Council to brand Coppell as a smart city by 2024

Iniya Nathan, Features Editor

At Tuesday’s Coppell City Council meeting, the council was presented with recommendations by the Smart City Board to make Coppell a more technologically advanced city. Board Chair Ramesh Premkumar recommends having Coppell branded as a smart city by 2024.

“I was in a meeting this morning on Smart Cities,”  Coppell Mayor Wes Mays said. “They gave three criteria for a city to consider itself to be a Smart City. One of them was to have a working group, and I consider our board to be that. Two, have a strategy in place and I consider what [the Smart City Board has] done and are doing the strategy and have citizen and elected member involvement. And so we fit all three of those criteria. So, 2024 is a good answer.”

The Smart City Board’s task is to “evaluate the future needs of the community from a Smart City perspective,” according to the City of Coppell website. The Smart City Board talked about introducing autonomous vehicles as a transportation service in the future to the city to decrease traffic when autonomous vehicles become commonplace. Premkumar recommends establishing a relationship with the Texas Connected & Autonomous Vehicle Task Force to help this idea become a reality. Board member Erin Bogdanowicz presents the idea to introduce robots, automation and artificial intelligence into the workforce in areas such as construction and to aid first responders and law enforcement.

Coppell High School sophomores Sriya Meduri, Mihika Patki and Saanvi Gaddam listen to remarks made by the Coppell City Council after their presentation on heart health for their HOSA competition. The Coppell City Council met on Tuesday night to also hear from the Smart City Board and citizens on recommendations they have for the city. (Shreya Ravi)

During citizens’ appearance, three Coppell residents shared concerns regarding Wagging Tail Dog Park. Similarities in the concerns include the early closing hours, which restricts full-time employees from using the park during open hours, and the lack of maintenance and repairs compared to other Coppell public parks which lowers the quality of the park and brings concerns for public safety.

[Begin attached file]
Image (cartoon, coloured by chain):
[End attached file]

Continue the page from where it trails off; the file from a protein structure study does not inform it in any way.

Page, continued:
“There’s been a lot of investments in the parks,” Coppell resident John Gorman said. “To see them grow over the years, the trail system, Andy Brown [Park] West, has been fantastic. I’d like the same level of investment for the dog parks.”

The meeting started with a presentation about heart health by Coppell High School HOSA sophomores Saanvi Gaddam, Sriya Meduri and Mihika Patki. The presentation includes steps the city could take to help prevent heart disease in residents, such as taking steps to reduce urban sprawl, air pollution and traffic congestion.

Two zoning change requests were approved with conditions. First was a request to revise the zoning of Victory Shops at Coppell for the overall development of the site and to allow for a combination of retail, restaurant, offices, medical office, and daycare on 10 lots totaling approximately 16.77 acres of property. 

The second zoning request was to revise the zoning of 2.7 acres of property located on the northeast corner of N. Coppell Road and State Highway 121 to allow for three retail/office buildings. There were three letters of opposition against it, one with concerns about traffic, the second having concerns about it being a nuisance to nearby residential areas, and the last listing no reason.

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